But these words followed intense political pressure that left many in Warsaw feeling there was little choice but to take part in policing postwar Iraq. "You simply don't say 'no' to the Americans," said Bronislaw Komorowski, defense minister in the previous center-right cabinet that oversaw Poland's NATO entry.
In Warsaw, the supposed capital of new Europe, there are signs of opposition to the policy. Opinion polls at the outbreak of hostilities in Iraq showed two-thirds of Poles opposed the war, and even after the fall of Baghdad that figure remains at more than 55 percent.
"There is a big silent majority. And they know this is not a peace mission; this is an occupation," says Maciej Wieczorkowski, a veteran political observer and board member of Amnesty International, Poland. "People here will go into shock when Poles start coming home in body bags," warns Philip Ilkowski, a student and spokesperson for Poland's Stop the War Coalition.
Warsaw's troops came under mortar fire early last week from Saddam Hussein loyalists shortly before taking control of the first province in the zone Poland will eventually control. No injuries were reported.
For a country that is more accustomed to being occupied, the presence of Polish troops on potentially hostile foreign soil is an alien idea. The abiding image of the Polish Army has been that of the doomed cavalryman who charged the oncoming Panzers of Nazi Germany's 1939 invasion forces, matching his medieval lance against the might of mechanized armor. After the attack on Iraq, Warsaw cartoonists satirically recast the cavalryman as a callow accomplice to the invaders, a tiny figure trotting alongside the US tanks overwhelming Saddam Hussein's army.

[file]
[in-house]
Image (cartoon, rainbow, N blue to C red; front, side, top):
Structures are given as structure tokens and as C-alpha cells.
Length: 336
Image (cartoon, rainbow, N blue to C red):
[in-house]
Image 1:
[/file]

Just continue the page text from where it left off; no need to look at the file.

Corruption scandals have exhausted the government of Mr. Miller, who now has an approval rating of just 16 percent. With unemployment at 20 percent and the country's outdated agricultural sector facing a painful transition into Europe's common market, many Poles look askance at the decision to launch a foreign operation rather than address domestic crises.
Andrzej Stasiuk, a Polish essayist, poet, and former anticommunist dissident, argues that the Warsaw administration will gain little from its Iraq gamble. "It is easier to occupy, or - pardon me - to stabilize Iraq than to admit, deep in our hearts, that we ourselves need stabilization from Europe," he wrote in Germany's Frankfurter Allgemeine Zeitung.
After the bombing of the UN's Baghdad headquarters Aug. 19, concerns are mounting that the Polish government has left its troops in the firing line. Polish general and strategy expert Stanislaw Kosiey, warned in the conservative daily Rceczpospolita of a "new Vietnam" with increasing and increasingly organized attacks on occupying troops that "could last many years."
Ultimately, Mr. Stasiuk believes, his countrymen will turn their back on the US and its supporters in the Warsaw government: "The nation knows only too well that this government will be replaced, the same as all the previous governments were replaced. And the next one, according to our tradition, will attempt to discredit its predecessors so radically that it will probably ally with Antarctica and declare a war against America."